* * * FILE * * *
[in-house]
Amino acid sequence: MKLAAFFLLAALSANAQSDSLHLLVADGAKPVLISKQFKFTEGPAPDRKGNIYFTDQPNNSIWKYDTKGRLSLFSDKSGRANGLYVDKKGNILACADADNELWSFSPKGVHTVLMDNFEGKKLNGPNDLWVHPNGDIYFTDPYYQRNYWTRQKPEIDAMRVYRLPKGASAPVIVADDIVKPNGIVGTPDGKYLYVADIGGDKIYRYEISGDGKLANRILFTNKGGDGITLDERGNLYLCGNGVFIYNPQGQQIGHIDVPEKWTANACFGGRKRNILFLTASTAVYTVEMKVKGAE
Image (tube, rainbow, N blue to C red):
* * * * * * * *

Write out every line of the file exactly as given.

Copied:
[in-house]
Amino acid sequence: MKLAAFFLLAALSANAQSDSLHLLVADGAKPVLISKQFKFTEGPAPDRKGNIYFTDQPNNSIWKYDTKGRLSLFSDKSGRANGLYVDKKGNILACADADNELWSFSPKGVHTVLMDNFEGKKLNGPNDLWVHPNGDIYFTDPYYQRNYWTRQKPEIDAMRVYRLPKGASAPVIVADDIVKPNGIVGTPDGKYLYVADIGGDKIYRYEISGDGKLANRILFTNKGGDGITLDERGNLYLCGNGVFIYNPQGQQIGHIDVPEKWTANACFGGRKRNILFLTASTAVYTVEMKVKGAE
Image (tube, rainbow, N blue to C red):